This Prada sheath dress would be spellbinding to those who appreciate design as much as dressmaking, and the efforts that go into something this complex that looks not quite
This season at Prada, much attention is paid to the double-faced silk satin, very abbreviated mini-skirts that come with an origami-ish train. They are all over social media, although mostly worn without the more covered-up tops that Prada probably intended. The brand called this wee piece of garment “seduction by reduction” and the public-transport-unfriendly train “a spontaneous gesture”. But long-time followers of their design development know nothing at Prada is ever reduced—stripped of details to nothing. And, despite the suggestion of insouciance, definitely not impromptu or offhand.
But more compelling is our favourite dress from the house this season: First seen on the runway (and the sales person was quick to inform us), this one-piece is, at it most elemental, a shirt-dress worn back to front. But, as we’ve noted, few item of Prada’s RTW are as simple as they first appear. The dress is of a conventional enough silhouette (to us, a whiff of the Forties), even with the considerably dropped shoulders. The focal point in the front is the waist, positioned not too high up. It is gathered by means of boning, inspired, presumably, by the corset. But unlike the close-fitting undergarment of the past, this boned treatment is not worn to constrict the torso. Nope, nothing as Victorian as that.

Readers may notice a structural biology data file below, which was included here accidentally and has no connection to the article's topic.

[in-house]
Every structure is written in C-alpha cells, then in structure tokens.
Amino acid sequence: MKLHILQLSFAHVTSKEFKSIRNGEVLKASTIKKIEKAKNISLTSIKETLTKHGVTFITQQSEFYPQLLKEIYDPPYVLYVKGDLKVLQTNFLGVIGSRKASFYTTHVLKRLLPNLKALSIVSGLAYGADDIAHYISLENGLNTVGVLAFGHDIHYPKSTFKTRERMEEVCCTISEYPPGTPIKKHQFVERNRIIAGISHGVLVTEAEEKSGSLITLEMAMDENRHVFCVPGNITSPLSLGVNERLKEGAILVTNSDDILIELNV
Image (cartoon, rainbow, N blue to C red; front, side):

In fact, the boning is not discreet. Of different length placement (but symmetrical), the stiffening slips (we do not know if they are whalebone, nor the staff at the store), which looked to be half an inch (about 1.3 cm) wide, are hidden as well as exposed, allowing a graphically decorative interest. In addition, they keep the gathers in place and the bodice stiff, but not quite. This dress is not worn for body-shaping, and it is made in linen, which isn’t a rigid fabric. And that is, to us, deeply alluring about the dress: the idea of stiffening but executed with fabric that is somewhat limp, made more so by the slubbed finish.
In the rear, the dress is held together by a row of buttons from the collared opening at the neck to just below the posterior (the rest is an inverted-V opening). If you thought that would mean needing assistance getting buttoned-up, then take comfort in the knowledge that Prada intended the dress to be unbuttoned to the waist, which means you can fasten the last three or four buttons and get into the dress without any effort at all. Skin-baring, but without the sleazy exposure of Julia Fox.
Prada Slub Canvas Dress, SGD 7100, is available at Prada stores. Photo illustration: Just So